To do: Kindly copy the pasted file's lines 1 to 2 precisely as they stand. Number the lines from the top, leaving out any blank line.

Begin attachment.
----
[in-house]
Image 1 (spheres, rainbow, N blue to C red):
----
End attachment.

[in-house]
Image 1 (spheres, rainbow, N blue to C red):